Well, I’ll declare now that I am going to be a tad bias within this review- reason? Purely because it is an Alison Weir book, and she has been one of my favourite authors since I first got out of reading children’s books. I’ve loved each and every of her past books, and they are all go to rereads for me, and ‘The Kings Obsession’ is no different.
Although I had the hardcover on pre-order I was very thankful to receive an early copy from Netgalley so a huge thank you to Headline for accepting me for this.
‘Fresh from the cultivated hothouse of Renaissance France, Anne draws attention at the English court. A nobleman, a poet and a king vie for her love. She has a spirit worthy of a crown – and a crown is what she seeks. It is a more powerful aphrodisiac than love. And so she embarks on her perilous course, which will plunge a kingdom into turmoil. Blood will flow on her account. Her only protection is the King’s great love.’ (from Goodreads)
Being a lover of history for so many years, in particular the medieval era, I like to think I know a fair amount of Henry the Eighth’s wives with it being one of my favourite topics of history. However I had never really heard or read much about Anne Boleyn’s early life, I was aware she’d served at the French court, but not just how much she moved around. That is one of the key elements of Alison Weir’s books that I always love, you do pick up the actual historical facts while reading such enjoyable fiction.
Alison Weir manages to always manages to have me fully immersed in her novels, completely into the medieval world and into the royal courts, and ‘A Kings Obsession’ was no different. I find that her work has you almost forgetting the true stories that are the back bone of these fabulous books. and then when you come back to reality and remember the true history it just leaves me amazed and fascinating wanting to read more.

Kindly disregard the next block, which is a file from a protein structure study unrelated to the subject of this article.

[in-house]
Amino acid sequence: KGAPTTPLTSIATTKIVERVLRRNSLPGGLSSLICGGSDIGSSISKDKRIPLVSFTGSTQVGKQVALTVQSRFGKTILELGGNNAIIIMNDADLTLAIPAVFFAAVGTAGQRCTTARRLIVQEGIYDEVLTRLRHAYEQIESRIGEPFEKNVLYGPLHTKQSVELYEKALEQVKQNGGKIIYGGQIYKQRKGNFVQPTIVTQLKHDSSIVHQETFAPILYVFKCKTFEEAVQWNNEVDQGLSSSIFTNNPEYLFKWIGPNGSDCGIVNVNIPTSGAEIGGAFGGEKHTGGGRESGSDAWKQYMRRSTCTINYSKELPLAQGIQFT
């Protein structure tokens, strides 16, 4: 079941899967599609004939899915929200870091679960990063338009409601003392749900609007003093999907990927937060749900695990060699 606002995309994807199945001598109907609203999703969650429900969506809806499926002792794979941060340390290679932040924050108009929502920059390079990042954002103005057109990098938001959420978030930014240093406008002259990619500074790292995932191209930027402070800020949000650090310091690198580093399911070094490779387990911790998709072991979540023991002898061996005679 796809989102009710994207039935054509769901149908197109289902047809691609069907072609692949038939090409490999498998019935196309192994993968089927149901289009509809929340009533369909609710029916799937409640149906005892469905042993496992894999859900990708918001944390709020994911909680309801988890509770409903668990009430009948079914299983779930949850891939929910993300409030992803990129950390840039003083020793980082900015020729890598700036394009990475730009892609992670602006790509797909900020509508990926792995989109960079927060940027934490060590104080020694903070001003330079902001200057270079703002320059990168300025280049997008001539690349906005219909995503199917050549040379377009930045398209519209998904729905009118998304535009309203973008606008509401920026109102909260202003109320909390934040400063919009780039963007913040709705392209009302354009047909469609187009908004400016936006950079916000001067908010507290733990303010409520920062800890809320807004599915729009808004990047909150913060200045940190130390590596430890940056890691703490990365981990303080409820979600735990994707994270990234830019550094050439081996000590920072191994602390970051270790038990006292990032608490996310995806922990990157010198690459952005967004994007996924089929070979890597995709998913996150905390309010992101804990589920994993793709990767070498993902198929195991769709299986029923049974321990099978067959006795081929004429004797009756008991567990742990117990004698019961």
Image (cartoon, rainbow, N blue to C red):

In the past I have never been a big fan of Anne Boleyn, but this novel some how had me sympathising with her. What she went through from her removal from various European courts, to having to be second to her sister and then being advanced on by a man who’d been with her sister; she definitely did not have an easy route to her peak position. Part of what I adore about this and to be fair all Alison Weir novels, is the emotional connection that you gain with her main protagonist; this novel had me routing for Anne from the very start, although I cant say I agree with all her more devious and calculated moves, she seems to always of been being pushed from above by her family.
This novel was an easy 4.5 stars for me, and I recommend it to all historical fiction fans; or even if you just enjoy actual history, as Alison Weir’s books will get you loving reading about it from a fictional point of view.